(CNN) -- The largest refugee camp in the world, in Dadaab, Kenya, is facing an overcrowding crisis with at least 700 families now residing in "unacceptable living conditions" outside the camp and in peril with the approaching rain season, the humanitarian group Medecins Sans Frontieres (Doctors Without Borders) said.
The overflowing refugee camp -- accommodating almost 300,000 Somali refugees though it was built for only 90,000 -- is now seeing "spontaneous settlements" of at least 3,000 people living in makeshift shelters, the group said Friday. Those 3,000 people couldn't find room in the three camps that make up the Dadaab compound, including the 700 families outside the Dagahaley camp, the group said.
Medecins Sans Frontieres on Friday called upon the international aid community and Kenyan authorities to reach an agreement to provide assistance to the families, as heavy rains the past two days have flooded the settlements.
"Hundreds of families have been living in makeshift shelters in a no-man's land over the past four months, waiting to be re-located to a proper camp," said Joke Van Peteghem, the group's head of mission in Kenya. "These refugees are in dire need of assistance given the hardships they have endured. With the onset of the rainy season, we must act now."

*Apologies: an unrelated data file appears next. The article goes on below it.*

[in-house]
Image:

The dire conditions have long been documented by the United Nations Human Rights Council, which in May described services as "stretched to their limits" and unacceptable conditions that included a "growing risk of and vulnerability to disease."
"We are at a dead end," said Van Peteghem. "While we have distributed plastic sheeting to the new refugee families, it is far from enough, especially now that the rainy season has started."
Thousands of men, women and children flee by foot the war in Somalia each month, making a treacherous journey into Kenya, but they arrive to the refugee camps finding shortages of water, food, sanitation and shelter, Medecins Sans Frontieres officials said.
The camp complex is so overcrowded that it cannot accept hundreds of families, group officials said.